Friday, Feb 11, 2005
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By Our Special Correspondent
JAIPUR, FEB. 10. Activists spearheading the campaign for inclusion of Rajasthani language in the Eighth Schedule of the Constitution have decided to march from Sringanganagar to New Delhi from February 21, to press for their demand for acceptance by the Centre of a resolution of the Rajasthan Assembly calling for constitutional status for the language.
The Assembly had adopted the controversial resolution during the previous Congress regime on the last day in its last session in August 2003 without any debate. Linguists and academicians across the State have opposed the resolution, while alleging that it was passed without following the procedure, and claimed that a conspiracy was being hatched to impose Marwari dialect in the garb of Rajasthani language on the entire State.
The Rajasthani Bhasha Manyata Sangharsh Samiti today announced the schedule of the proposed 12-day-long march which will wind its way through major cities in the State, including Jaipur, and arrive at Rajghat in New Delhi on March 4. The participants will submit memoranda to the Prime Minister and Union Home Minister seeking their intervention to ensure constitutional recognition for Rajasthani.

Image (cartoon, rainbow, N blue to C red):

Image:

Lakshmi Kumari Chudawat and Kalyan Singh Shekhawat - litterateurs supporting the Sangarh Samiti's campaign - claimed that Rajasthani was an independent language with a methodical grammar and rich vocabulary. They said it was wrong to assume that a specific dialect would prevail over others if Rajasthani was included in the Eighth Schedule.
The Sangharsh Samiti's secretary, Rajendra Bareth, pointed out that the 1991 census had registered 2.95-crore people speaking Rajasthani and its sub-languages as their mother tongue. The figure was more than those of 13 among the 22 languages listed in the Eighth Schedule.
Activists of the Sangharh Samiti said the constitutional recognition for Rajasthani would help create more job opportunities for the unemployed youth in the State and facilitate the execution of various welfare schemes in the people's own language. "Refusal by the successive Governments to give official status to Rajasthani has led to injustice to the people of the State who have made immense sacrifices for the nation," said Padam Mehta, editor of a Rajasthani magazine "Manak"..
Meanwhile, the authors, academicians and activists opposing the Assembly's resolution have launched a State-wide signature campaign to protest against the proposed recognition of Marwari as Rajasthani. The president of the Rajasthani Bhasha Sankalp Virodhi Samiti, Satyavrat Samvedi, said the move would create resentment among those speaking the dialects such as Brijbhasha, Malwi, Dhundhari, Mewari, Hadoti, Wagdi and Shekhawati.
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